Indecent. A very sick country.

“Unlike the other shootings that have shaken Texas over the past several years, in which gunmen targeted people who had gathered for a common purpose — at a church, a school, a shopping center — Saturday’s tragedy stretched for miles. From an interstate highway to neighborhood streets to the parking lot of a movie theater, the gunman sowed terror across the Odessa-Midland region.

A former math teacher was shot while sitting at a traffic light with his wife and children. A beloved uncle was hit outside the home he had just moved out of. A high school student bled out after leaving a dealership where her brother had just picked up the keys to his new car.”

An epidemic.  A disease.  A scourge.  And through how many administrations and congresses have things remained so?  There is something terribly wrong with this nation–it is sick–and its political system.

Things will continue to get worse unless the political system that allows for such things is radically changed.

There remains no viable political party that stands for radical political change.

Sensible people have to act to bring about that radical change and it looks like it will have to be done outside the extant political system.

Or we can just keep on going on and allow our fellows to be slaughtered.

Is it good to vote for someone less than good enough?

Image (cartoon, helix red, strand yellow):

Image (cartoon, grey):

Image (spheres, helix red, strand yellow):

I do not think I can vote again for a defender of our capitalist system, at least as it is currently manifest.  Voting for a candidate who wants to protect the current system is to vote for a status quo that is the most damaging humanly controllable force in the world.  I used to be able to hold my breath and vote for the “best” one of them.  If I wanted to vote, I had to vote for one of them because there was no “viable” alternative.  I knew that none of these were really viable in the sense that none of them would do much to solve the basic problem responsible for most of what is wrong in and with the human world.  In fact, they were all, to varying degrees, promoters and protectors of the system.

So I do not really care much about viability–electability is another word for it–because for one of these to be elected means not much in solving the problems that are the most terrible, that consistently result in the tragic–people dying, people living miserable lives, people denied basic services such as education and medicine, destruction and degradation of the environment, and the promotion of a nasty ethos that pits this one against the other in a stupid game that ultimately serves a few at the expense of the the many.

I can vote for a candidate who does not want to get rid of or destroy capitalism but only if he or she sincerely wants to change the rules so that no one goes wanting and the quest for capital does no harm to people or planet.  I think there are some candidates who do sincerely believe that such change is necessary but I fear that I will not be given the opportunity to do so as the leaders of the two viable parties are not apt to allow for the nomination of candidates who would offend those hold the wealth they are dependent upon and who, like them, benefit greatly from the system as it is.

A real protest against the capitalist party system could bring about the election of someone terrible, the re-election of the current president, for example.  In the short-term, more of terrible what already is.  But, enough people showing their unwillingness to support a less than decent–as in decent human being whose humanity guides his or her decisions–could open the path to the possibility of having something better that was at least, good enough.